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Journal American Rhododendron Society

Current Editor:
Dr. Glen Jamieson ars.editor@gmail.com


Volume 11, Number 1
January 1957

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The Behavior of Some Plants Since the 1955 Freeze
By Bob Bovee, Portland, Oregon

R. decorum
Fig. 1  R. decorum
Cecil Smith photo

        Last spring, following the freezing weather of November, 1955, thousands of rhododendrons, azaleas and other fine shrubs apparently dead were dug and destroyed. Time has proved that gardeners were often too hasty, and more patience would have prevented the destruction of many old and valuable plants.
        A plant of the fine R. sinogrande from Dr. Rock No. 182 seed seemed dead. The bark was split from top to bottom of the trunk. But in October, eleven months later, new growth came from the roots. The same was true of R. argyrophyllum and several other big leaf species. Groups of the tender R. burmanicum and Gaultheria wardii froze to the ground. Every plant recovered, put out strong new growth and today are finer and more bushy than they were originally. R. ciliatum and its lovely hybrids "Cilpinense" and "Snow Lady" were killed to the ground in most gardens. But soon they sent out new growth from the base of the plants and then set bloom buds.

R. ciliatum
Fig. 4.  R. ciliatum
Cecil Smith photo

        Damage resulting from the November weather was very spotty. Plants killed in one part of a garden would be in good condition a hundred feet away, and would bloom in a garden a half mile distant. Magnolia soulangiana bloomed well and was not harmed in many gardens. But one 15 foot plant bloomed heavily then immediately died while younger plants fifty feet away came through unharmed. The finest plant of Magnolia stellata I have seen was killed to the base. In other locations, even where it was colder and more exposed, this magnolia was not harmed.
        A 20 year old plant of R. decorum, hardiness rating H4, grown in full sun and exposure, was not hurt except for loss of 25% of its buds. It bloomed beautifully. While a 30 year old plant of R. fortunei, rated H2, grown in a protected spot in light shade was killed and made no recovery. The R. decorum hardened its wood early. The R. fortunei was still in soft growth. Pieris japonica grown in full exposure was often not severely damaged and bloomed. But many plants grown in the shade, recommended for this plant, were heavily damaged.
        Plants growing in lath houses were more heavily damaged than the same kind and size plants growing in the open field. In many gardens there was a marked difference of the effect of exposure to plant damage. Plants in the shade, even light shade were killed or heavily damaged, while those grown in the sun suffered only bud loss and leaf burn.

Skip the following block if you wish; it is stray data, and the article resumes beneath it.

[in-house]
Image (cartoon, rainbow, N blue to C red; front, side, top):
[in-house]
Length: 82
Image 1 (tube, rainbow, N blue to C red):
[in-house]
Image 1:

A group of plants of the Maddenii series, grown outside for many years in a protected garden, froze to the ground. Many recovered from the roots. The behavior of R. 'Lady Roseberry', R. 'Lady Chamberlain' and R. 'Royal Flush' was surprising in some gardens. In one garden where they were grown in light shade, two of three large plants of 'Royal Flush', often considered the most tender of the group, came back from the roots. About half the plants of R. 'Lady Chamberlain' survived. All plants of R. 'Lady Roseberry' were killed. In other gardens R. 'Lady Roseberry' came through in quite good condition.
        Plants which hardened their wood early undoubtedly came through in the best shape. This was true of R. williamsianum and its hybrids which in most gardens were unharmed and bloomed well. R. thomsonii was killed or badly hurt, even big old plants over 20 years old. But we saw one seven or eight foot plant growing fully exposed to the hot west sun come through with only the loss of its buds, some foliage and a few limbs. Plants of the Loderi group, heavily damaged in many gardens were often only slightly hurt in more exposed locations.
        Old plants of R. 'Jan Dekens', 'Pink Pearl' and others were found with the cambium tissue completely brown. This seemed to have no effect on growth and by fall the cambium layer was green again. Rhododendrons of the triflorum series were perhaps more heavily damaged than those of any other series. Where they were grown exposed to the sun the damage often was lighter. R. schlippenbachii seemed to love the climatic conditions of last year. It bloomed wonderfully well.

R. ciliatum R. schlippenbachii
Fig. 2.  R. ciliatum
R. Henny photo
     Fig. 3.  R. schlippenbachii in the Crystal
                 Springs Test Garden
                 Cecil Smith photo

        Damage resulting from the November weather was not nearly as great as first thought. Badly hurt rhododendrons and other plants have made a fast recovery. In our garden this was particularly true of plants which were heavily mulched with sawdust. Many plants proved to be tougher than was thought.
        Growing plants in a good deal of sun and withholding water late in the summer forces them to harden their wood. They go into winter in better condition. Sun helps plants to bud heavily. Flowers may not last as long and leaves often become smaller, but the plants may live longer.


Volume 11, Number 1
January 1957

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